- Water Quality
- Land Use
1997 Environmental Science Institute
Water Quality: General
- GLOBE (Global Learning and Observations to Benefit the Environment)
- student research
- GREEN (Global Rivers Environmental Education Network)
- watersheds and environmental stewardship
- seafood safety lab from the FDA
NOTE: These projects are works in progress.
They display varying levels of ecological understanding.
Please contact the individual authors before using this material in your classroom or for your homework!
- 10. Biomagnification of mercury
- by Leslie Giffen, Kathy Juarez.
Heavy metals, pesticides, and herbicides are chemicals which are known to be global environmental pollutants. Biomagnification, the increasing concentration of certain substances at higher trophic levels, exacerbates the impact of many of these pollutants. In this study we planned to focus on modeling the biomagnification of the metal mercury in a specific food chain using STELLA® software.
- 13. Water quality in urban waterways
- by Suzanne High, Erin McNabb, David Storto, Boyd Tolbert.
The water quality in urban waterways is continuing to decline due to the increased pollutants, toxins, sunlight intensity, and varying temperatures. These factors are known to affect the dissolved oxygen levels found in these waterways. The thrust of this project is to look at the affect of sunlight intensity on the amounts of dissolved oxygen in the Delaware and Raritan Canal and Lake Carnegie, running through Princeton, New Jersey.
- 22. Do the herbicides we use contaminate our rivers?
- by Marianne Keck, Cecilia Polumbo.
Lawns are not by nature monoculture (just one species of grass). The golf course look of monoculture lawns are obtained and maintained by spraying of chemicals. Of the 40 most common lawn chemicals, or herbicides, used by lawn care companies and by homeowners, many are linked to cancer, liver, kidney and nervous system damage as well as other health hazards. Lawn chemicals, when used as directed, don't break down completely but filter into lakes, rivers and aquifers, affecting drinking water supplies.
One of the most commonly used lawn chemicals is 2,4-D or 2,4-dichlorophenoxyacetic acid, an organochlorine compound, which functions as a systemic herbicide. It is used to control many broadleaf weeds such as dandelions. While the LD50 of 2,4-D suggests that it is only moderately toxic, the product carries the DANGER signal word on the label indicating that it is highly toxic. Our research will involve qualitative analysis by immunoassay of 2,4-D in water samples taken from five different sites located in the Stony Brook/Millstone Watershed of Princeton, New Jersey.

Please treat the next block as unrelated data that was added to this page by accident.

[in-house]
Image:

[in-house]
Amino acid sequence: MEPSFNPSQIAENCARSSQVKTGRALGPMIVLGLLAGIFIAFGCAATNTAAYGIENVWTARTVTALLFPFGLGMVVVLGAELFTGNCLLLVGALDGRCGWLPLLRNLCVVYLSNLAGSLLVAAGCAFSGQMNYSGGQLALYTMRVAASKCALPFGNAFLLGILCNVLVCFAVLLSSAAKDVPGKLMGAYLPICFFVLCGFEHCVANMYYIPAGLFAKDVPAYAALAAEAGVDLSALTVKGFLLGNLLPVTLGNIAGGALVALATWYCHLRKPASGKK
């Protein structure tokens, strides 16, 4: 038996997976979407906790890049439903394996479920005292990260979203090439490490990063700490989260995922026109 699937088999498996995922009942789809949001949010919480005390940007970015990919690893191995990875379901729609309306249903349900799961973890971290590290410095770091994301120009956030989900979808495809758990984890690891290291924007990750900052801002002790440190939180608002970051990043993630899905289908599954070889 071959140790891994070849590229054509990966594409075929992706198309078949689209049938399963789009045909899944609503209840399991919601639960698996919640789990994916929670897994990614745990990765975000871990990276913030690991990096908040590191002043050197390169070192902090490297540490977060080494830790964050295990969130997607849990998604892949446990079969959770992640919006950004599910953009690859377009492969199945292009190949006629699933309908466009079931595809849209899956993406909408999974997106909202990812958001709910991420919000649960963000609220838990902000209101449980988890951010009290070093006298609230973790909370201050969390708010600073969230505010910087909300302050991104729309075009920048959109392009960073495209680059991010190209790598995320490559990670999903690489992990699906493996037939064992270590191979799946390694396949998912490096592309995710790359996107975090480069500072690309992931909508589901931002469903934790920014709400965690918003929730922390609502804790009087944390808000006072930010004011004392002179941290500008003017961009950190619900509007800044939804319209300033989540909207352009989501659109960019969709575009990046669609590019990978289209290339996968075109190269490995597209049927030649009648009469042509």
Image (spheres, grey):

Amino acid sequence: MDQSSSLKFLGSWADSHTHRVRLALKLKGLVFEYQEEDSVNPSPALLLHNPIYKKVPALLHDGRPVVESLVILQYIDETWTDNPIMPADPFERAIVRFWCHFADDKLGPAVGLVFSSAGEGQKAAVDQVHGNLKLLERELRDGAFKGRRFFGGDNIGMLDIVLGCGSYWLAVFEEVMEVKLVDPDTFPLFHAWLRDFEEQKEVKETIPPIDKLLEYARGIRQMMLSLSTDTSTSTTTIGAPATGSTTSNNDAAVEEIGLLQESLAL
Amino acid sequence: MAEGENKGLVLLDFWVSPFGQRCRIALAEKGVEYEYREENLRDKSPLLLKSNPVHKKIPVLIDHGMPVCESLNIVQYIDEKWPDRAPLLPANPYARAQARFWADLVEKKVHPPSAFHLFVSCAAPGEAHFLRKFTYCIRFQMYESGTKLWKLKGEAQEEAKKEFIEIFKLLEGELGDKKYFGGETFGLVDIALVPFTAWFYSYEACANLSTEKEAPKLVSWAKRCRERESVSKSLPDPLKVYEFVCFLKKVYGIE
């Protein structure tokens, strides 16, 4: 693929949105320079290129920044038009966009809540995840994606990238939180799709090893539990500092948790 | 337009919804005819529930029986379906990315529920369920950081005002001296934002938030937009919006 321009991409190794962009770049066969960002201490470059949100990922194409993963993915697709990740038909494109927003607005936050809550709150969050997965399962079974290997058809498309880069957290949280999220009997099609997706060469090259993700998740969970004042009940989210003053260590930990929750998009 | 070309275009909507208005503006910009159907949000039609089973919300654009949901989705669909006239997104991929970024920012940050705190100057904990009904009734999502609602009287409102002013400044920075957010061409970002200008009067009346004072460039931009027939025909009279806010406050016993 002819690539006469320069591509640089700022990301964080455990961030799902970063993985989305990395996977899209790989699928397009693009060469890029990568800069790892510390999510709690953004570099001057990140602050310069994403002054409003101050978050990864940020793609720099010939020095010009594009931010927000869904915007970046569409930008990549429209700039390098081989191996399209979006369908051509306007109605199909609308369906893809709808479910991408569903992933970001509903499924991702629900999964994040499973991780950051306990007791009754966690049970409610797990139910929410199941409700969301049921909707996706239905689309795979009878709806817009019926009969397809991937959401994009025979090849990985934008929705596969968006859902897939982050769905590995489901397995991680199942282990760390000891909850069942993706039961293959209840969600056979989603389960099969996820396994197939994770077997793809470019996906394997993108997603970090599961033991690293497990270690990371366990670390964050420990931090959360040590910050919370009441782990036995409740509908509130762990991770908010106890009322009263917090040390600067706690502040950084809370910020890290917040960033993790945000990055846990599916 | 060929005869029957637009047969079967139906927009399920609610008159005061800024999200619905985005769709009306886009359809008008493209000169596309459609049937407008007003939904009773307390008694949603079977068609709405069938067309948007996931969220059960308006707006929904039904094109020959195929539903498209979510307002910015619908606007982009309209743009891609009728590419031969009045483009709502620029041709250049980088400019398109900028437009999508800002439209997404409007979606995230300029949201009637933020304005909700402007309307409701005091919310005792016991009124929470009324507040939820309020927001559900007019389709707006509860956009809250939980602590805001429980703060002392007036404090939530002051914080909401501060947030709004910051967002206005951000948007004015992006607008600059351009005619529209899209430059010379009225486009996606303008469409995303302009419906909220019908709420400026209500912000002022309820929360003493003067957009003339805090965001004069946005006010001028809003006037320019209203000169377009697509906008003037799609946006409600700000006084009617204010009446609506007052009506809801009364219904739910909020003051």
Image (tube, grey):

- 23. Dissolved oxygen in streams
- by Sandra Eidson, Martha Nix, Jane Mullinax, Debra Wood.
Most living things including aquatic organisms use oxygen in respiration. The atmosphere is composed of 21% oxygen, some of which naturally dissolves in water. The amount of oxygen dissolving in water is influenced by water temperature. Many factors contribute to the dissolved oxygen level. This study will investigate the changes in dissolved oxygen in a stream due to photosynthesis, respiration, turbulence, and water temperature based on data from the French Creek Site Project using STELLA® modeling.
- 35. The Duckweed Coalition
- by Daniel Hyke, Arronza Major, Helen Simmons, Debora Stone, Melissa Weimer.
Duckweed, a monocot aquatic species of plants, is a natural purifier of water. Duckweed is capable of treating wastewater, namely nitrates and phosphates, by absorbing the compounds and converting it to biomass and water. It will only survive under certain conditions and is not found in all areas. Presently, duckweed is being used in some areas as a biological means of wastewater treatment and as biomass to feed livestock. Unfortunately, duckweed can become so prolific that it overtakes an aquatic ecosystem, reducing the amount of dissolved oxygen present and lowering the plant and animal population present. If duckweed populations are to be maintained and used effectively for water purification, an understanding of its physical and biological needs must be attained. This project will look at the characteristic traits of aquatic ecosystems which limit the growth of duckweed.
- 38. Wetlands as biofilters
- by Tom Hoskin, Nancy Greenwood, Jodi Bell, Lee Wagstaff, Bob Bowman.